Editor’s note: The purpose of this series is to help our readers think through what the deity of Christ and it’s importance to the Christian faith.

  • Dave opened our series by looking at Jesus the Divine Word.
  • Today Dave writes on seeing but not believing.

the-deity-of-ChristJohn 6:36, “But I said to you that you have seen me and yet do not believe.”

Powerful as Jesus’ teaching about Himself was, most people reacted in unbelief. A remarkable instance of this took place in the aftermath of His miraculous feeding. Jesus had rebuked the crowd for seeking only material blessing and urged them in John 6:27, Do not work for the food that perishes, but for the food that endures to eternal life, which the Son of Man will give to you. For on him God the Father has set his seal.” The people therefore asked what they should, and Jesus taught them in John 6:29, “Jesus answered them, “This is the work of God, that you believe in him whom he has sent.”

Having witnessed this miracle and having been called to faith by Jesus in person, the crowd, remarkably, responded by demanding another sign. John 6:30, “So they said to him, “Then what sign do you do, that we may see and believe you? What work do you perform?” It would be hard to imagine a more vivid testimonial to the depravity of the human heart than this. Even after Jesus replies with the first of his I am sayings, he ends up stating in John 6:36, “I said to you that you have seen me and yet do not believe.” How are we to account for this astonishing unbelief?

First according to the Bible, a reason that people do not believe is the spiritual inability arising from their sinful condition. 1 Corinthians 2:14, “The natural person does not accept the things of the Spirit of God, for they are folly to him, and he is not able to understand them because they are spiritually discerned.” Here, man’s inability is ascribed to spiritual deadness. In another place in Romans 8:7, Paul says, “For the mind that is set on the flesh is hostile to God, for it does not submit to God’s law; indeed, it cannot.” Here, unbelief is explained by man’s rebellious hostility to God and His ways. Until they are born again, all people are spiritually dead and hostile to God.

The second of these reasons is on display in John 6. The people asked for a sign not because the miraculous feeding was insufficiently revealing. They asked because they didn’t like what Jesus was saying; their demand for another sign was just a way of putting him off. Jesus had called on them to change their attitude. Since they did not want to do that, they justified their unbelief. How often this happens today! People spend their entire living in a world that manifestly displays the glory of God. And they receive testimonies both from Christians and from the bible sufficient to persuade them about any other matter. Yet they respond to the gospel with one objection after another.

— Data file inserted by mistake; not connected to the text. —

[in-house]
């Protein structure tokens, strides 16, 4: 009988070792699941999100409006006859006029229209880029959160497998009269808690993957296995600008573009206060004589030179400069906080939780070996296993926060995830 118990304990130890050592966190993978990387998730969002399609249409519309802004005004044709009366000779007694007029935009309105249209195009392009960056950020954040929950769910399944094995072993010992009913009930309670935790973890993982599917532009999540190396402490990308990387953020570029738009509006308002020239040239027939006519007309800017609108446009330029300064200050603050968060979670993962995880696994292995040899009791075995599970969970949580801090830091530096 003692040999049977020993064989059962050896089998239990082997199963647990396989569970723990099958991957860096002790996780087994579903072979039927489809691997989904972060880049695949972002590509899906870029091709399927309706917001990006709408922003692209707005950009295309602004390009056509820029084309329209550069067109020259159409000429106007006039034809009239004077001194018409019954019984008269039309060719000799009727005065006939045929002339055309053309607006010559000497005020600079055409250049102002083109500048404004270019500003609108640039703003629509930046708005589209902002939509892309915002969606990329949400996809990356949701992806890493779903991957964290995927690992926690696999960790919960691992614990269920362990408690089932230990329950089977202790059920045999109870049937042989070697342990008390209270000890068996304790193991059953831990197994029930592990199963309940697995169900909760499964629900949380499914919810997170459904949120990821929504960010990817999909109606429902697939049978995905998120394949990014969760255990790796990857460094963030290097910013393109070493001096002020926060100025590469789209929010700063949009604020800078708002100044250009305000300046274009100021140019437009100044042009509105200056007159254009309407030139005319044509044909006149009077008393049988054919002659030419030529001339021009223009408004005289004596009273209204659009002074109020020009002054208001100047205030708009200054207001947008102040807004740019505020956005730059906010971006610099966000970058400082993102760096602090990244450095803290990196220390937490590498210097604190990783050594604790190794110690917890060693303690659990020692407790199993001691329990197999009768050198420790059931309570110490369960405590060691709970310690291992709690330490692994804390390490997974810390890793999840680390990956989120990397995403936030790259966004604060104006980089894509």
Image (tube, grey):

At its root, man’s unwillingness to accept Jesus is really and moral and spiritual inability. People love their sin, they love their pride, and they especially love their won lordship over their lives. Like fallen Lucifer in Milton’s Paradise Lost, they hard-heartedly declare, “Better to reign in Hell, than serve in Heav’n.”[i] Cornelius Van Til states the truth about both this crowd and the persistent skeptic today: “These men are sinners. They have ‘an axe to grind.’ They want to suppress the truth in unrighteousness. They will employ their reason for that purpose.”[ii] Determined to be their own god, their own savior, and their own lord, the find reason after reason to reject Jesus Christ.

This unbelieving crowd proves that the adage “Seeing is believing” is not true. They had seen proof positive of Christ’s deity, but still would not believe. The reality is that when it comes to spiritual matters, we need to reverse the principle: we must believe in order to see. This is as important to the believer as to the unbeliever. How many Christians doubt God’s loving care whenever a trial comes, despite having seen abundant proofs of his faithfulness. Like the unbelieving crowd, we demand for God to give a sign, despite knowing that he has sent his own Son to die for our sin and innumerable other mercies. O you of little faith!” Jesus often told his disciples. If we will believe his Word and trust him at all times, our eyes will be open to see the sovereign hands that uphold us in every affliction.

Faith comes not from seeing but from believing the Word of God. It is through God’s Word that we are born again (1 Peter 1:23), and the result of being born again is that we believe and understand God’s Word. But if we will not believe the Word of Christ, then no multitude of signs, evidence, or reasons will ever penetrate our foolish hearts.

[i] John Milton, Paradise Lost, 1.263

[ii] Cornelius Van Til, Christian Apologetics (Nutley, NK: Presbyterian and Reformed, 175), 50.